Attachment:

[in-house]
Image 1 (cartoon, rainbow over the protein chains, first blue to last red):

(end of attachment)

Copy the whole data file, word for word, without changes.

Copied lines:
[in-house]
Image 1 (cartoon, rainbow over the protein chains, first blue to last red):